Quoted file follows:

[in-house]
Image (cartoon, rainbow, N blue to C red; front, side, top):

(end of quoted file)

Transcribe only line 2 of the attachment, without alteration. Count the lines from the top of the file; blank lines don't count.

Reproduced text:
Image (cartoon, rainbow, N blue to C red; front, side, top):